Cable crossings may be represented in a variety of ways, below are just a couple; the grayed-out areas after the first chart IMO help define forward-facing stitches on completion of the transfer for the cable, whether on front of the knit or on purl side facing the knitter on the machine.
Other fabrics such as ribs and more on lace will be explored at a later date.
Inkscape is a free vector program that may be downloaded here. The program runs in both windows and mac environments. In Mac OS 10.7-10.10 the downloaded DMG file requires XQuartz to run in OS X 10.6.3 or later (including El Capitan). For a knitter’s guide to using the program, see youtube series.
In the chart below pattern repeats take into account the punchcard limitation of 24 stitch maximum repeat. In the sections separated by the color stripe, the bottom shows a purl side symbol chart for slip stitch, the center the purl side symbol chart for brioche/ tuck stitch, the top the repeat punched out for use on the KM with black dots representing punched holes. Keeping in mind there is a 36 row minimum for the card to roll adequately through reader, this repeat would need to be punched 9 times. If one wants to use the color changes in other than totally random manner, then the pattern repeat must be an even number of rows in height. One option is to use double length, but unless the yarn used in the repeat below is very thin, for tuck stitch that may be beyond the limit of the KM. I also prefer when knitting lengths of fabric not to use elongation; for me that makes it easier to correct mistakes. A reminder: the punchcard selection mirrors the design horizontally (particularly noticeable in letters), so the hand knit repeat need not be reversed for a match.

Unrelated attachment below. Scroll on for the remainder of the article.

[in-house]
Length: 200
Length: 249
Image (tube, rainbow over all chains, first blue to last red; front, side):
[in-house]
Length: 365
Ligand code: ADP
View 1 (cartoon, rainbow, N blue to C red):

Below is a more manageable tuck repeat reconsidered for color changes (shown in change of ground behind punched holes). The first row selection needs to be from right to left toward the color changer in Japanese machines (Passap is on right, but console takes that into account). This is not the only color change sequence possible, only a place to start.
With very rare exceptions, tuck stitches generally must have a knit stitch/punched hole on either side of the unpunched square. This is because side by side loops jump off on the next pass, rather than knitting off in a group, making a long float in in some cases an interesting mess. Because slip stitch skips needles creating floats rather than depositing loops in needle hooks, the tolerance for side by side slipped stitches if far greater, and the number of rows that the individual stitches are not knit is limited by the strength of the yarn, and the tolerance in the machine. Both tuck and slip stitch fabrics benefit from being evenly weighted, with weights being moved up regularly during knitting. Canceling end needle selection and having the pattern repeats line up with tuck/slip on each edge may produce interesting side edges. If texture is the goal yarns that can be “killed” by pressing/steaming should be avoided.